RRC ID 1859
Author Adhami F, Liao G, Morozov YM, Schloemer A, Schmithorst VJ, Lorenz JN, Dunn RS, Vorhees CV, Wills-Karp M, Degen JL, Davis RJ, Mizushima N, Rakic P, Dardzinski BJ, Holland SK, Sharp FR, Kuan CY.
Title Cerebral ischemia-hypoxia induces intravascular coagulation and autophagy.
Journal Am. J. Pathol.
Abstract Hypoxia is a critical factor for cell death or survival in ischemic stroke, but the pathological consequences of combined ischemia-hypoxia are not fully understood. Here we examine this issue using a modified Levine/Vannucci procedure in adult mice that consists of unilateral common carotid artery occlusion and hypoxia with tightly regulated body temperature. At the cellular level, ischemia-hypoxia produced proinflammatory cytokines and simultaneously activated both prosurvival (eg, synthesis of heat shock 70 protein, phosphorylation of ERK and AKT) and proapoptosis signaling pathways (eg, release of cytochrome c and AIF from mitochondria, cleavage of caspase-9 and -8). However, caspase-3 was not activated, and very few cells completed the apoptosis process. Instead, many damaged neurons showed features of autophagic/lysosomal cell death. At the tissue level, ischemia-hypoxia caused persistent cerebral perfusion deficits even after release of the carotid artery occlusion. These changes were associated with both platelet deposition and fibrin accumulation within the cerebral circulation and would be expected to contribute to infarction. Complementary studies in fibrinogen-deficient mice revealed that the absence of fibrin and/or secondary fibrin-mediated inflammatory processes significantly attenuated brain damage. Together, these results suggest that ischemia-hypoxia is a powerful stimulus for spontaneous coagulation leading to reperfusion deficits and autophagic/lysosomal cell death in brain.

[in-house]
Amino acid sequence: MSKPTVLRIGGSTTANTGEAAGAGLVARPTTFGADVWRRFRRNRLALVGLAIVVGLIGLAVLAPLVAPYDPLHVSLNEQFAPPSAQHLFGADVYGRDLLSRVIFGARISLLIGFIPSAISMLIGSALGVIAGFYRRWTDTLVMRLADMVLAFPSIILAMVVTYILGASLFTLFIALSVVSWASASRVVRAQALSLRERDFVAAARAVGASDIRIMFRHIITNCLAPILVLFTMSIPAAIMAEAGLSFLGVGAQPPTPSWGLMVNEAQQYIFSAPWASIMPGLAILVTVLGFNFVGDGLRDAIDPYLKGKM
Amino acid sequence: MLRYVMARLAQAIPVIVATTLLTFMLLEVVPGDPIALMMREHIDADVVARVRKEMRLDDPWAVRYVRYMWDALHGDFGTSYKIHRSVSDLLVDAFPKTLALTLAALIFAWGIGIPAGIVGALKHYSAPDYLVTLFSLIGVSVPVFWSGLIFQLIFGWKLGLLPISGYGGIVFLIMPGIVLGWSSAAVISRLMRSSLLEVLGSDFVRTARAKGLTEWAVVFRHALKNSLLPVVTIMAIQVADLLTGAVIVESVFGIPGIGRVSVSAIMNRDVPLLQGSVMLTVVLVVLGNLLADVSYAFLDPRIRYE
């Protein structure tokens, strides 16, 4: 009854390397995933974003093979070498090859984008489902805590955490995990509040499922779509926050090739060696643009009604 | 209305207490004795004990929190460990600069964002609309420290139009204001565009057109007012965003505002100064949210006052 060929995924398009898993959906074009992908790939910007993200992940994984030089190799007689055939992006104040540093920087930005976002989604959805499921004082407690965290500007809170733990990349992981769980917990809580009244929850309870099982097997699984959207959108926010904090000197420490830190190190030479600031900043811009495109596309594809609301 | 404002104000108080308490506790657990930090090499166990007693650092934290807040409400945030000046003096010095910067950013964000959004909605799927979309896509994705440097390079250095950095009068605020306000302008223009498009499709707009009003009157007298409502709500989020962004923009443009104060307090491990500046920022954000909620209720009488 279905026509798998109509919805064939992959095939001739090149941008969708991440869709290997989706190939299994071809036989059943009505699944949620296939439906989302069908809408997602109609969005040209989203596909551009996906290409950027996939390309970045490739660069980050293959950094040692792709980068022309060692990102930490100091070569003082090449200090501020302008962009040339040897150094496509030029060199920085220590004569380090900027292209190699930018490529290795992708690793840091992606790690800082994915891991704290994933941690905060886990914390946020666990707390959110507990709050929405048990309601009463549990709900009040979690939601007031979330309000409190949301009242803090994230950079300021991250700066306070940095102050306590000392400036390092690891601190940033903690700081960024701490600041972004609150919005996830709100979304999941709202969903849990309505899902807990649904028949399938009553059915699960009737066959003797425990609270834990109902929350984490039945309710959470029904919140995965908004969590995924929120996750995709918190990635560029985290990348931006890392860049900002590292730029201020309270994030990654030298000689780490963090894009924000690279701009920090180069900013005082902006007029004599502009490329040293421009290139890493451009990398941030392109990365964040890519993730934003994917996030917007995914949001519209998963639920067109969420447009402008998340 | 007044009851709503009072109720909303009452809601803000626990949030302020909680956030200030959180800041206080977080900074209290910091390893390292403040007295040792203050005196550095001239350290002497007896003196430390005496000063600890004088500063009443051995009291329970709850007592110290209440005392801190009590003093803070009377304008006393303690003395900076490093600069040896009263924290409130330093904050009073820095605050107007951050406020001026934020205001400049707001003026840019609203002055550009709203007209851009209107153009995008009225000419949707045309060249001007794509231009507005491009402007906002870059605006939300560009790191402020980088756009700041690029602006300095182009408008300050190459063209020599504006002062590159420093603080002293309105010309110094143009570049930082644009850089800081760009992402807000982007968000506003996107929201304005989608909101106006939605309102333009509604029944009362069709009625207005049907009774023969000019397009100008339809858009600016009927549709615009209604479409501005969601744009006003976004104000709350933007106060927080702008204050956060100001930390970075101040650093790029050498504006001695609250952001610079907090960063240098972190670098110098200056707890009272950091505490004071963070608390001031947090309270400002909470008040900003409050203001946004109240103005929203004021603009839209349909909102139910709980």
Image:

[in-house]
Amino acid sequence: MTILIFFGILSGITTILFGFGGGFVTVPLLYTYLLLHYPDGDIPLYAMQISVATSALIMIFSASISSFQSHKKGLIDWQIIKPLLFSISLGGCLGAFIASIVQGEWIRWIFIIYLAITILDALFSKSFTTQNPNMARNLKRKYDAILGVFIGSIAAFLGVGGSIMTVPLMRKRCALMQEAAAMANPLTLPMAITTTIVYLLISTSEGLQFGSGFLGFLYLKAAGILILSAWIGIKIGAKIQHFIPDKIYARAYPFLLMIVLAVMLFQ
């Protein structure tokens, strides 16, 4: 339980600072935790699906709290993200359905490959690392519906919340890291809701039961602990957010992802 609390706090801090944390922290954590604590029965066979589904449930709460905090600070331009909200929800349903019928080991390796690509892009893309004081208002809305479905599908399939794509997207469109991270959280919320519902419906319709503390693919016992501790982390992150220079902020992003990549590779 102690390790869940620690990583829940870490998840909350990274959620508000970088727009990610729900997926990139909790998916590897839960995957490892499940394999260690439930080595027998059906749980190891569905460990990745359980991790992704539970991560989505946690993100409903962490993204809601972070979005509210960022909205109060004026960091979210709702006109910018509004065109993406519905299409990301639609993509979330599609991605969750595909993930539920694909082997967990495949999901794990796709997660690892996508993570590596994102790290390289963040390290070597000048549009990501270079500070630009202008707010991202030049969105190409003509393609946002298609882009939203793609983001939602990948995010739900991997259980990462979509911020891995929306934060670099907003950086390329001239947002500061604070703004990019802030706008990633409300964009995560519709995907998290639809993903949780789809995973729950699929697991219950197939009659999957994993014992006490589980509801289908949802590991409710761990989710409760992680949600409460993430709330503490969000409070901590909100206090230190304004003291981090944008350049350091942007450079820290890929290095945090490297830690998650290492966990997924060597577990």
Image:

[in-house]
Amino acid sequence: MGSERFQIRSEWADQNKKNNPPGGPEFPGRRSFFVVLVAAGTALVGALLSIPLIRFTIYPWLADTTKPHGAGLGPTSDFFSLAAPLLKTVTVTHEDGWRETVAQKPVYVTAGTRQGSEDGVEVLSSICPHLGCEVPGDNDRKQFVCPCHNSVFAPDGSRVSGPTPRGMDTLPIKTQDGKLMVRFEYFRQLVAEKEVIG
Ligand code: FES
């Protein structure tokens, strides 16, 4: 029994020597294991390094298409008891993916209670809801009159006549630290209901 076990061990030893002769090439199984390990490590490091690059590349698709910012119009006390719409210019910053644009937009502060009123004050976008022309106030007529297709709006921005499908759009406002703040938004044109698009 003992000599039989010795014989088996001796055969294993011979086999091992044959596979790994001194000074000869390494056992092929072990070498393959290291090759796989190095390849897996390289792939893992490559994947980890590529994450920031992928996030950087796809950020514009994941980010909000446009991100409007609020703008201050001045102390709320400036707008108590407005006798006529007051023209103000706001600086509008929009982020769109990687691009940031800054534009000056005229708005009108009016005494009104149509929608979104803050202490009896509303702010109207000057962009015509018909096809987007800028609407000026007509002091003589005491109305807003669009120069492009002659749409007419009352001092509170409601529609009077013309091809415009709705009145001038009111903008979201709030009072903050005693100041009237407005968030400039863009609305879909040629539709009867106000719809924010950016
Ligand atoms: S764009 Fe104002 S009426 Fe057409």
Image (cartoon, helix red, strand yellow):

Volume 169(2)
Pages 566-83
Published 2006-8
DOI 10.2353/ajpath.2006.051066
PII S0002-9440(10)62738-1
PMID 16877357
PMC PMC1780162
MeSH Animals Apoptosis Autophagy* Brain / blood supply Brain / cytology Brain / pathology Brain / ultrastructure Brain Edema / pathology Brain Infarction / pathology Cell Survival Cytokines / biosynthesis Disseminated Intravascular Coagulation / physiopathology* Fibrin / metabolism Hypoxia-Ischemia, Brain / chemically induced* Lysosomes / metabolism Male Mice Mice, Inbred C57BL Regional Blood Flow Reperfusion Signal Transduction
IF 3.762
Times Cited 208
Mice GFP-LC3#53